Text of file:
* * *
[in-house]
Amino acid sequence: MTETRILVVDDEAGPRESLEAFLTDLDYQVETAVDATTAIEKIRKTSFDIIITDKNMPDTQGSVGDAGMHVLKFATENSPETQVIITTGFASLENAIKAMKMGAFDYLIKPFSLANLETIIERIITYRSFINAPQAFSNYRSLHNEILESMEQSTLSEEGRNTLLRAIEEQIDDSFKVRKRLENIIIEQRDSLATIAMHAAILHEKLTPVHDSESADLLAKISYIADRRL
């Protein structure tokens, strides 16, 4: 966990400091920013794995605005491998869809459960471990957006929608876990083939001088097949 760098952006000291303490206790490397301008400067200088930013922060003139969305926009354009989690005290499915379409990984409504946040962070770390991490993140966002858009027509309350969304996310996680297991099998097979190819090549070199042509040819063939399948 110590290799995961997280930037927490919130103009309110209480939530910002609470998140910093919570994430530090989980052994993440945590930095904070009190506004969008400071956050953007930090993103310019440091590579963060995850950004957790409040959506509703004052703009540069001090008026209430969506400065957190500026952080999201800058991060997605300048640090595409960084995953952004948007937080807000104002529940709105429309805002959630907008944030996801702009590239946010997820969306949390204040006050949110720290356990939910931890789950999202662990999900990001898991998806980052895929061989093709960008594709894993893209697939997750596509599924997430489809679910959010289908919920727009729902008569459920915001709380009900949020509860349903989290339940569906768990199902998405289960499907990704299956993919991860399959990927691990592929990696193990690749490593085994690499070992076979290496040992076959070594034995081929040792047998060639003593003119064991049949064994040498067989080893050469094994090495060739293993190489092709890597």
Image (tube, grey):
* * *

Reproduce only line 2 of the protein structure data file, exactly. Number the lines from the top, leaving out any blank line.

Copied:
Amino acid sequence: MTETRILVVDDEAGPRESLEAFLTDLDYQVETAVDATTAIEKIRKTSFDIIITDKNMPDTQGSVGDAGMHVLKFATENSPETQVIITTGFASLENAIKAMKMGAFDYLIKPFSLANLETIIERIITYRSFINAPQAFSNYRSLHNEILESMEQSTLSEEGRNTLLRAIEEQIDDSFKVRKRLENIIIEQRDSLATIAMHAAILHEKLTPVHDSESADLLAKISYIADRRL